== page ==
By: Scott Arnold, ProMotion Ltd.
Release: January 31, 2013
By: Caryn Maconi,
BOULDER–University of Colorado Nordic skier Joanne Reid had barely mastered walking when she competed in her first ski race.“I grew up in Michigan, so there wasn’t much else to do besides skiing,” Reid, a senior, said. “I was probably in my first race at age 2.”So far, her performance as a senior is reflective of a lifetime in skis. Reid has always been a high-caliber athlete — she finished in the top five in 16 races during her freshman through junior seasons, and she has been named as an All-American five times. Before her senior year, though, she had only won one collegiate race.

This season, Reid has already come in first in three of her four races and second in the other. At the Denver Invitational the weekend of Jan. 19, she took first in both the 5K freestyle and the 10K classical race, finishing more than 17 seconds ahead of the closest competitor in both races. With the victories, Reid helped her team come back from what was a 100-point deficit to Denver after day one to eventually take the team title.

“I’ve surprised myself in pretty much every race this year,” Reid said.

What changed Reid from a top competitor to a champion in her senior year? Though her improvement is undeniable, a modest Reid isn’t quick to credit her own talent for the wins.

“We had a lot of seniors graduate last season, so I have a feeling that’s partially it,” Reid said. “And (teammate Eliska Hajkova) is usually ahead of me, but she’s had a bad hamstring for awhile.”

Reid said, however, that one of her most improved areas and biggest focuses in training has been classical skiing. It was, and perhaps still is, her weakest area, though it certainly hasn’t kept her off the podium’s top spot this season.

Though Reid may have surprised herself in her first few races of the season, her natural athletic ability is no surprise. Reid comes from a family of highly accomplished athletes.

Her brother, Garrett, also skied at CU from 2006-07 and was part of that year’s national championship team.

Her mother, the former Beth Heiden, is a world-class jack-of-all-trades. Heiden was the Division I NCAA cross-country skiing champion at the University of Vermont before becoming both the world all-around champion and Olympic bronze medalist in speedskating and — to top it off — the world road champion in cycling.

Reid’s uncle, Eric Heiden, was the first athlete in history to have won all five speed skating events in a single Olympic Games, a feat which will very likely never be repeated because skaters now focus on either sprinting or distance and don’t compete in both.

“I definitely wouldn’t train as much if it weren’t for (my mom). When I’m at home, she gets me out of bed for training camp,” Reid said. “She doesn’t race all the time anymore, but she still trains and trains and stays super fit because that’s just what she does.”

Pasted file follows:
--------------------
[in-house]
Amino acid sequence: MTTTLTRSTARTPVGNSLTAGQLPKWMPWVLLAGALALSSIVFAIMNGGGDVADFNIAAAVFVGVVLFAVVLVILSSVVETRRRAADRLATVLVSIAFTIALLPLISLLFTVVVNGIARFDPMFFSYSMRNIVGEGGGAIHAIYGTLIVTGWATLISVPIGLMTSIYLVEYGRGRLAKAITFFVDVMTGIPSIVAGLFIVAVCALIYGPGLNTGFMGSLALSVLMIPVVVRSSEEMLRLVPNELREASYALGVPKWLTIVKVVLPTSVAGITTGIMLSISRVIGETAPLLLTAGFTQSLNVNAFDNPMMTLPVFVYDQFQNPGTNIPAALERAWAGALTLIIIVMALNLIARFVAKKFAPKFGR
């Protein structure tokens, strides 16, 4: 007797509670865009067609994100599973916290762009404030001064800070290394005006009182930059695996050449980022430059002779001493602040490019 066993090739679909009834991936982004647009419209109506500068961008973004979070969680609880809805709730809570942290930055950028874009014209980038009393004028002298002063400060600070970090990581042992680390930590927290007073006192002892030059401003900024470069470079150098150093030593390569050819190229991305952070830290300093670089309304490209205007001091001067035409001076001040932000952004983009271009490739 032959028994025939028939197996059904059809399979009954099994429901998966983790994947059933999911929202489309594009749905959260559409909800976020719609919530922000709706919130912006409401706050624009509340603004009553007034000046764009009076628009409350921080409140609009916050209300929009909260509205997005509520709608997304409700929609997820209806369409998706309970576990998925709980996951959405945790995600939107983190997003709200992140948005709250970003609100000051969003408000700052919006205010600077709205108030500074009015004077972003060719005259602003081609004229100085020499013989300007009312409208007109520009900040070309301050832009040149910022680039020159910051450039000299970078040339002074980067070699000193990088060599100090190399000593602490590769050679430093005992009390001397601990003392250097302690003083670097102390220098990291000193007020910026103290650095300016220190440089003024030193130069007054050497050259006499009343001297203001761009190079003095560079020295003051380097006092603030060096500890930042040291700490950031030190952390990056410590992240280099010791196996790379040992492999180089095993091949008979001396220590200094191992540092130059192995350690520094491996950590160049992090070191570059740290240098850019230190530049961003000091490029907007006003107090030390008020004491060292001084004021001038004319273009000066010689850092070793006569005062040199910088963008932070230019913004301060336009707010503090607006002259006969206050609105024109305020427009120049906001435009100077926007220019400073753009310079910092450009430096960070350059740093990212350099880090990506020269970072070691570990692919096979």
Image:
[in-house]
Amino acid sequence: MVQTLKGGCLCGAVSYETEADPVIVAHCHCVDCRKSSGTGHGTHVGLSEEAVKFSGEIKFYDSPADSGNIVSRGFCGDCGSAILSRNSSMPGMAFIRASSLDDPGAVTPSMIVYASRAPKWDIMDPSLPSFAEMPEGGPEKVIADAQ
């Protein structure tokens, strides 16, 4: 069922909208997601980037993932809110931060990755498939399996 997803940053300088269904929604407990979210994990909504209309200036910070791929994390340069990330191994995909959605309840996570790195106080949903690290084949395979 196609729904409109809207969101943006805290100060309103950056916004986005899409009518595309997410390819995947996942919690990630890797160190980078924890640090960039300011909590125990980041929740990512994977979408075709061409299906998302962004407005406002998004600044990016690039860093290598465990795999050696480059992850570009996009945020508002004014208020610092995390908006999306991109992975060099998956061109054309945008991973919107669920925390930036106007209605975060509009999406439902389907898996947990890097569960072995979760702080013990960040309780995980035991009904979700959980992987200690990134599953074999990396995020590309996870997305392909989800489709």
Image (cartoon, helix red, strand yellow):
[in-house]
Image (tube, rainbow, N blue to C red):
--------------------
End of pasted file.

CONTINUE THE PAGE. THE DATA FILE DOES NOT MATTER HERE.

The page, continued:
Though Reid was born in Wisconsin and spent her early childhood in Michigan’s Upper Peninsula, she and her family moved to Palo Alto, Calif., when she was eight and have lived there ever since. When they first moved, Reid and her family took a couple years off of skiing because the mountains were a four-hour drive from home. When she began competing again, she spent several years debating whether or not to continue the sport at the collegiate level.

Eventually, though, she found she couldn’t stay away.

“I definitely struggled for a long time deciding what to do, whether to continue skiing or not,” Reid said. “Every year I thought, ‘This is my last year.’ But it was so hard to give it up in the end, I couldn’t do it.”

Now, while at home in Palo Alto, Reid mostly trains on roller skis, runs, and occasionally cycles to maintain fitness.

Reid’s season is only just beginning, but for the rest of the year she said her biggest hope is to see her team excel. While she and her teammates have close friendships, she said, they also necessarily push each other in practice and races.

“We ski together, but if we’re racing we also have to be competitive,” Reid said. “It’s a lot like running in that sense. But we all love each other a lot, for sure.”

Teammate Eliska Hajkova, who in previous seasons has been one of the team’s highest-placing athletes, is quickly returning to top form after suffering some illness early in the season. Though a healthy Hajkova would mean more competition for that first-place spot, Reid said she hopes her teammate will be back in full force soon.

“How the team does has always been more important,” Reid said. “Like if I have a crappy day and Elishka wins, I’m still happy.”

Reid and her team generally hit the mountains for practice with head Nordic coach Bruce Cranmer three times per week, but their own training doesn’t stop there.

“There are limits on the amount of practicing you can do with the coach,” Reid said. “But most of us want to do more, so we go up on our own.”

In addition to the commitment of a varsity sport, Reid excels in school as a mathematics major considering a possible minor in computer science. After graduation, she plans to continue her education with a PhD program in math.

The CU ski team’s next competition, the New Mexico Invitational, begins Feb. 1 and 2 in Red River, N.M.